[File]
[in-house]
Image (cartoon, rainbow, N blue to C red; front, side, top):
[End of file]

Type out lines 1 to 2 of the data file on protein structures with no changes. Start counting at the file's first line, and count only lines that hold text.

[in-house]
Image (cartoon, rainbow, N blue to C red; front, side, top):